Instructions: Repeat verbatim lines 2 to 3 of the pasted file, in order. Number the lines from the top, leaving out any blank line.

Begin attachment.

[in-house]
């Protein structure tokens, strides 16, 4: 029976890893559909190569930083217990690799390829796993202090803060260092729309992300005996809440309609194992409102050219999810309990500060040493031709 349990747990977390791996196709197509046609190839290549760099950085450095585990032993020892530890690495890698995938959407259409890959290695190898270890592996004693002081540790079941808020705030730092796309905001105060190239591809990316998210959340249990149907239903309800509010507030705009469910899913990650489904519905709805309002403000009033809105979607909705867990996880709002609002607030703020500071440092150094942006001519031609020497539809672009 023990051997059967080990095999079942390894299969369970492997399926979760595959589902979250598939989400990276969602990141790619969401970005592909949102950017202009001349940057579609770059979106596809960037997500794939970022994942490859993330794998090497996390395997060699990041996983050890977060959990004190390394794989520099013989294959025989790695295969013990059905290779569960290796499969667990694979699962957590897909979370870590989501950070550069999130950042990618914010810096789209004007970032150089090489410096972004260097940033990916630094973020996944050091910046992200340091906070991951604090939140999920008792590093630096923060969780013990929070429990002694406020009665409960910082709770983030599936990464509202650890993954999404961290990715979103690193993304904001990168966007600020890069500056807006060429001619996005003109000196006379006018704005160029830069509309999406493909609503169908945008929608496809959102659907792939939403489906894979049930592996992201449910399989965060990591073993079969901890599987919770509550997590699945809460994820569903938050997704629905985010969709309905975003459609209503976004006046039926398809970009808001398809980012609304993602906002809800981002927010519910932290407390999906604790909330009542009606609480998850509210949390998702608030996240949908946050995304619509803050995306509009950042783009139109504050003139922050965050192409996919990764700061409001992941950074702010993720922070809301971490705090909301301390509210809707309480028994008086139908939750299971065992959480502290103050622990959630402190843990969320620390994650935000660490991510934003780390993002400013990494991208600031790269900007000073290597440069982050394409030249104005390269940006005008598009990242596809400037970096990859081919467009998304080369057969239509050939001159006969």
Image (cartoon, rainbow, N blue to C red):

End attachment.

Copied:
């Protein structure tokens, strides 16, 4: 029976890893559909190569930083217990690799390829796993202090803060260092729309992300005996809440309609194992409102050219999810309990500060040493031709 349990747990977390791996196709197509046609190839290549760099950085450095585990032993020892530890690495890698995938959407259409890959290695190898270890592996004693002081540790079941808020705030730092796309905001105060190239591809990316998210959340249990149907239903309800509010507030705009469910899913990650489904519905709805309002403000009033809105979607909705867990996880709002609002607030703020500071440092150094942006001519031609020497539809672009 023990051997059967080990095999079942390894299969369970492997399926979760595959589902979250598939989400990276969602990141790619969401970005592909949102950017202009001349940057579609770059979106596809960037997500794939970022994942490859993330794998090497996390395997060699990041996983050890977060959990004190390394794989520099013989294959025989790695295969013990059905290779569960290796499969667990694979699962957590897909979370870590989501950070550069999130950042990618914010810096789209004007970032150089090489410096972004260097940033990916630094973020996944050091910046992200340091906070991951604090939140999920008792590093630096923060969780013990929070429990002694406020009665409960910082709770983030599936990464509202650890993954999404961290990715979103690193993304904001990168966007600020890069500056807006060429001619996005003109000196006379006018704005160029830069509309999406493909609503169908945008929608496809959102659907792939939403489906894979049930592996992201449910399989965060990591073993079969901890599987919770509550997590699945809460994820569903938050997704629905985010969709309905975003459609209503976004006046039926398809970009808001398809980012609304993602906002809800981002927010519910932290407390999906604790909330009542009606609480998850509210949390998702608030996240949908946050995304619509803050995306509009950042783009139109504050003139922050965050192409996919990764700061409001992941950074702010993720922070809301971490705090909301301390509210809707309480028994008086139908939750299971065992959480502290103050622990959630402190843990969320620390994650935000660490991510934003780390993002400013990494991208600031790269900007000073290597440069982050394409030249104005390269940006005008598009990242596809400037970096990859081919467009998304080369057969239509050939001159006969």
Image (cartoon, rainbow, N blue to C red):